The FSA has probed providers’ wake-up packs and the Association of British Insurers’ Options initiative has sped up the transfer of funds in many cases. The Pensions Regulator and the NAPF have also dabbled in this area.
But the issue of getting consumers to exercise choice to get the most retirement income from their pension savings is still “dead in the water”, according to a new industry group which will champion more retirement choices.
MGM Advantage, Living Time, Partnership Assurance, LV=, Canada Life, Hargreaves Lansdown and Bluefin have joined forces to form the new body to lobby for change.
So what impact will this have?
MM broke the news that the group was being set up on Wednesday. It is yet unnamed and is developing a manifesto that aims to turn the status quo on its head.
The seven firms listed above make up the management board of the group and a wider group of providers, adviser firms and consumer groups will be invited to join an advisory board, which will contribute to the group’s work.
The body will be funded by its membership. Hargreaves Lansdown head of pensions research Tom McPhail is acting chairman, with a permanent, independent, chairman still being finalised.
McPhail says: “If you look at where we are at the moment, about a third of the market place is genuinely using the Omo and a substantial number of people are not shopping around and are making what appear to be inappropriate decisions at retirement.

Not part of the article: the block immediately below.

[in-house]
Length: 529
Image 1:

“Those are the issues we are trying to address. A range of different bodies are aware that the problem exists and yet we do seem to be dead in the water. The change in consumer behaviour is not happening.”
The group’s timing seems apt, what with personal accounts looming, the demise of final salary schemes accelerating, baby boomers descending on retirement in their droves and therefore decumulation and an impending general election which means the policymakers’ ears are open.
And the potential win for consumers is massive as retirees are losing a collective £2bn a year from not using their pension funds efficiently, according to Hargreaves Lansdown research.
McPhail adds that advisers also stand to gain if the body achieves its goals.
He says: “Too many people are making poor decisions at retirement and an awful lot of those people, the majority, are not receiving the benefit of financial advice.
“It is a fair assumption that advisers have a key role to play in the resolution of this issue, that whatever outcomes occur getting more people to make greater use of the services that advisers have to offer will be a key component of the solution to this problem.
“If we have 100 per cent of people shopping around a lot of them will be seeking financial advice so this should be good news for IFAs.”
So far MM users seem to be backing the group. Do you think a body like this is needed? Or are the ABI and the regulator doing enough to help consumers here?
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